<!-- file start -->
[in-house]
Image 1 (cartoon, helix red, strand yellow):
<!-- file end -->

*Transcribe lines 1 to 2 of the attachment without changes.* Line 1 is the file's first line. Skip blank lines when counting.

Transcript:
[in-house]
Image 1 (cartoon, helix red, strand yellow):